Inadvertent Natural Selection (1/27/06)
We learned something very
interesting today in my Animal Behavior class. A few years ago, a class
research project was conducted on Fruit Flies (Drosophila). It caught some
peoples’ attention that fruit flies in the laboratory were much slower than
those in the wild. To overview: fruit flies in the wild have to jump from
food surface to surface to eat, and they need to find mates. It makes sense
that they need to move more quickly. Hundreds of fruit flies sitting in a
little vial, on the other hand, have no need for this mobility – they are
living in their food and are surrounded by mates. The way kings and sultans
live, essentially – sitting on a throne, eating all day and sleeping with
all the palace women. (Sorry for any crude generalizations.)
Anyway . . . they wanted to
test for selection of low mobility fruit flies in the lab. They bred lab
fruit flies for more than a hundred generations and the wild flies for maybe
one. Sure enough, when they put these fruit flies at one end of a shoebox
with a piece of banana or whatever at the other end, the lab flies
demonstrated much lower mobility.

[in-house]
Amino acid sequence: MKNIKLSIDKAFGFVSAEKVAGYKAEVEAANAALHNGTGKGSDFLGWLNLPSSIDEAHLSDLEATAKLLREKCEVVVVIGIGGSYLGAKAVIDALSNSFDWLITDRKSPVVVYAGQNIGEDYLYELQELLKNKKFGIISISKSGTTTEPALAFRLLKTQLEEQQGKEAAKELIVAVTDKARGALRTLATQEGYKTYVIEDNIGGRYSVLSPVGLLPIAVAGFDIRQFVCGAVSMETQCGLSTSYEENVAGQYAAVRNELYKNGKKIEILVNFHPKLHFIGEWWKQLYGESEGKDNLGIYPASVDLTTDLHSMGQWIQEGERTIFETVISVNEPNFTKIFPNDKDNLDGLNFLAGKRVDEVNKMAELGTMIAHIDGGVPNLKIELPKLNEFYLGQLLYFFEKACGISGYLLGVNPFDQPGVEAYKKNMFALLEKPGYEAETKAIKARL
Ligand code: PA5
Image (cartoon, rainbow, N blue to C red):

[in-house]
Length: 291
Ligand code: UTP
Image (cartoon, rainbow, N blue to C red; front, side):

What does this mean?
Well, everyone’s familiar
with the term artificial selection (selective breeding) versus natural
selection. What happened with the fruit flies in the lab almost seems like
selective breeding, but it wasn’t. It was natural selection in an artificial
Is that what’s happening to
us? Living in our artificial surroundings, are they selecting us? We are
like the laboratory fruit flies. We don’t have to go out and hunt for our
food. It’s brought directly to our door. We don’t need to walk anywhere,
either – we drive, and even then the food comes to us through our windows!
With food, cars, and
technology everywhere to eliminate hard labor for many, what need is there
for the naturally crafty, fit people? Are we becoming a fat, lazy
population? (In America, at least.) Consider all the TV we watch and
entertainment flashing before our eyes. Are we more desensitized to
violence? To real issues? To critical thinking? Are our senses duller,
except for our vision to cope with flashing TV screens and computer
monitors? What about our attention spans, reduced to the length of a
10-15-minute interval of a TV show between commercials?
I wonder. Wouldn’t it be
funny, if all this technology invented by smart people eventually led to our
demise? Ha ha, ha. Not really.
Actually, I think this is an
extreme case to put out there, but a valid one nonetheless. If a population
became so pathetic that it ceased to have fully-functioning citizens worth
anything but eating and buying crap, and eating some more in front of the
TV, then . . . wait . . .
Wow, that’s sad.